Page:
Long lasting consequences follow New Jersey DWI convictions
Cape May readers who have followed recent discussions about the consequences of a DWI conviction will know that it can have a long lasting impact on a person’s life. A conviction for driving while intoxicated can lead to license suspension, hefty fees and fines, surcharges of $1,000 per year for three years after conviction, jail time and potentially mandatory installation of an ignition interlock device. DWI penalties increase for each conviction beyond the first and can impose serious restrictions upon a person’s freedom in addition to staggering financial consequences.
As stiff as they are, the penalties imposed by New Jersey drunk driving laws represent only one aspect of the lifelong ramifications of a drunk driving conviction. The mark that a conviction leaves on a person’s record and reputation can affect realms of life that transcend the reach of the criminal justice system.
For one 35-year-old Midwestern man, the fact that he was convicted twice for drunk driving has forced him to live with the burden of keeping part of his life a well-guarded secret. Even though his DWI convictions are now more than ten years old, he fears that he would be expelled from membership in a professional organization if knowledge of his record ever came to light.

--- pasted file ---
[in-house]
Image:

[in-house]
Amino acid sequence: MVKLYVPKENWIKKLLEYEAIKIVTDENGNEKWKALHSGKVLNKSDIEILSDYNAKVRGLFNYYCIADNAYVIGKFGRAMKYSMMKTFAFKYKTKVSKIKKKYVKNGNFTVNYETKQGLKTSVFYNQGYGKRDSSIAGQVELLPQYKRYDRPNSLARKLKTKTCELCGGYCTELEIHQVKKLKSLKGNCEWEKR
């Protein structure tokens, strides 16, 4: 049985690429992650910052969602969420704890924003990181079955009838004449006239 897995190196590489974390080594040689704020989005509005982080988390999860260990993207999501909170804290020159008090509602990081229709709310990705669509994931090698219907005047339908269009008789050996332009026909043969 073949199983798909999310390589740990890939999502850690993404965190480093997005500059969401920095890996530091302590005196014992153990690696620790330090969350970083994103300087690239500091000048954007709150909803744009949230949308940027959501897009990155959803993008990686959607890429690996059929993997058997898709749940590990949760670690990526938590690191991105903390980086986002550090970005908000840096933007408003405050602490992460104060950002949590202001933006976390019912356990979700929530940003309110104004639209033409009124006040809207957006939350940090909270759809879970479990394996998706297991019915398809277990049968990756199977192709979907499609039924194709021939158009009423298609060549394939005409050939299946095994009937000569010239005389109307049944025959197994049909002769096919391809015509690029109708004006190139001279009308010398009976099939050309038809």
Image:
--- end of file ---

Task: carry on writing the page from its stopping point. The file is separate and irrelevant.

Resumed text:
Although the Midwestern man has changed his life and learned from his mistakes, he acknowledges that his past convictions force him to give up aspirations such as running for public office. He fears that the price he has already paid for his actions may have been just the beginning.
In New Jersey, unlike many other states, drunk driving is not a felony offense even after multiple convictions. Nonetheless, a DWI conviction can subject a person to unwritten restrictions on personal freedoms beyond the penalties set forth under the law. Acting quickly after a DWI arrest to seek counsel from an experienced drunk driving attorney can give a person a fighting chance to avoid long term adverse consequences.
Source: CNN, “Shhhhh … Some secrets you might need to keep,” Elizabeth Landau, Nov. 5, 2012